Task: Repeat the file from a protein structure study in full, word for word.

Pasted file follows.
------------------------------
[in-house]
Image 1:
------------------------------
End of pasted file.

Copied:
[in-house]
Image 1: